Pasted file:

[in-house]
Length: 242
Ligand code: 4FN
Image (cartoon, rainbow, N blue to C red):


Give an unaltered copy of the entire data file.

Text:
[in-house]
Length: 242
Ligand code: 4FN
Image (cartoon, rainbow, N blue to C red):